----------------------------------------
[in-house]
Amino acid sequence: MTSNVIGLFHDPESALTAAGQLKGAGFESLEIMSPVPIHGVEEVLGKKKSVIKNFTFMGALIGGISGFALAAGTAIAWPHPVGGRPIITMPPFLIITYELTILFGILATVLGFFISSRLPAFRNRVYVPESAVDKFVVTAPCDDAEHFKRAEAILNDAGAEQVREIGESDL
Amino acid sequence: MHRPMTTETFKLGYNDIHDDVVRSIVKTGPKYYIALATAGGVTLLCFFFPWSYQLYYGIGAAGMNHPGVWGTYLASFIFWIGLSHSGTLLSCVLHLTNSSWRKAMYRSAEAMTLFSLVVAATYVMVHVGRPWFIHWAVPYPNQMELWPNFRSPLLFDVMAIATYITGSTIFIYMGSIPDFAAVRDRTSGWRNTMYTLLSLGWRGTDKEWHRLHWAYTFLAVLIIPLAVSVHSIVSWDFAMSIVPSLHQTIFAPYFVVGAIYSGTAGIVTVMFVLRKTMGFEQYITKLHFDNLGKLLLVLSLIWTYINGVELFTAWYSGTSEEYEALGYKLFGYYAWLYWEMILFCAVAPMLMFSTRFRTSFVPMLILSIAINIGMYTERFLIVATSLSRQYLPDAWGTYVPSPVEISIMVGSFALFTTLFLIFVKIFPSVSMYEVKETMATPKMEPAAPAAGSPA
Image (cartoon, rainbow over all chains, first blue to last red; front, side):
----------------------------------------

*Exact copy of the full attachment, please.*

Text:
[in-house]
Amino acid sequence: MTSNVIGLFHDPESALTAAGQLKGAGFESLEIMSPVPIHGVEEVLGKKKSVIKNFTFMGALIGGISGFALAAGTAIAWPHPVGGRPIITMPPFLIITYELTILFGILATVLGFFISSRLPAFRNRVYVPESAVDKFVVTAPCDDAEHFKRAEAILNDAGAEQVREIGESDL
Amino acid sequence: MHRPMTTETFKLGYNDIHDDVVRSIVKTGPKYYIALATAGGVTLLCFFFPWSYQLYYGIGAAGMNHPGVWGTYLASFIFWIGLSHSGTLLSCVLHLTNSSWRKAMYRSAEAMTLFSLVVAATYVMVHVGRPWFIHWAVPYPNQMELWPNFRSPLLFDVMAIATYITGSTIFIYMGSIPDFAAVRDRTSGWRNTMYTLLSLGWRGTDKEWHRLHWAYTFLAVLIIPLAVSVHSIVSWDFAMSIVPSLHQTIFAPYFVVGAIYSGTAGIVTVMFVLRKTMGFEQYITKLHFDNLGKLLLVLSLIWTYINGVELFTAWYSGTSEEYEALGYKLFGYYAWLYWEMILFCAVAPMLMFSTRFRTSFVPMLILSIAINIGMYTERFLIVATSLSRQYLPDAWGTYVPSPVEISIMVGSFALFTTLFLIFVKIFPSVSMYEVKETMATPKMEPAAPAAGSPA
Image (cartoon, rainbow over all chains, first blue to last red; front, side):